Ingesting Essential Oils – Is It Safe?

Ingestion – the elephant in the room.

There’s a lot of talk in the essential oil community about ingestion, it is perhaps one of the more controversial topics of late. It would be remiss of us not to address this topic. Let’s talk about the elephant in the room – the ingestion of essential oils.

The question about whether we can or can not ingest essential oils is not the question we should be asking, because we do in fact, to some degree ingest essential oils in our everyday foods.

In fact, the largest users of essential oils are the food and flavouring industry. The oils they use, however, are generally altered to reduce some of the more volatile components, that is they are generally deterpenated oils.

The oils are used in everyday products like soft drinks, candied lollies and so much more. The amount used is a key thing to note, they are used parts per million; meaning that only tiny, tiny amounts are ever in one product you consume.

The question we should be asking is “Is ingestion a safe and effective method of using essential oils?”.

So, why the big controversy then?

The controversy has many layers – purity, potency, generally regarded as safe (GRAS) status, and biology among other things. We could seriously write a 10,000 word thesis on the subject, and it’s complexity because it is truly a complex way of using essential oils.

So, let’s get to some of the simple basics.

Potency of essential oils

As we know, essential oils are potent. They are created from large amounts of raw material to produce one small bottle of oil.

It is said to take between 30-50 roses to produce a single drop of Rose Otto Essential Oil.  One drop of essential oil could be equal to large amounts of the actual plant like Basil or Oregano.

We simply don’t consume that amount of the raw material.

We would be sick if we did.

So why would be willing to have something so potent enter our bodies? Why take the risk?

It is also important to note that the vitamins and minerals contained in the raw material doesn’t come across in the distillation process so there is no nutritional value in ingesting essential oils.

Quality matters

Everyone talks about the importance of pure and authentic essential oils. We only want to use pure oils in the air to inhale, and on our skin, so if you are going to ingest then quality essential oils, pure and authentic ones is key. But because they are so pure and authentic, that means that they also have the potential to harm, to become toxic to our systems. Even in small amounts.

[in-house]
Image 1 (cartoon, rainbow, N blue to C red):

But wait, my oils are regarded as safe…

Government authorities have designated a status to some essential oils saying that they are generally regarded as safe. This status is known as GRAS. Many people assume that GRAS means they can be ingested safely because of this status. In fact, the status means that they are generally safe for use as their intended purpose, that is as for the food and flavouring industry; and at the amounts used by that industry, parts per million.

Salvatore Battaglia summed it up nicely in the new edition of his book, The Complete Guide to Aromatherapy. He says that just because an oil has GRAS status it doesn’t mean that it is safe to use in aromatherapy or safe to ingest.

Not all essential oils have GRAS status, so ingesting ones that don’t have that status could be extremely dangerous and toxic to your body.  It could induce a seizure, a coughing fit, nausea, vomiting, or in extreme cases a coma. Essential oils can also interact with medications you might be taking, and may render them invalid, which could in turn make you more sick.

What happens when I ingest essential oils?

When we ingest essential oils the body changes the chemical makeup of them. This is why we need an understanding of pharmacokinetics and pharmacodynamics.

Pharmacokinetics relates to what the body does to a drug or essential oil, including how they are absorbed and metabolised into the system.  Pharmacodynamics relates to what the drugs and oils do to the body.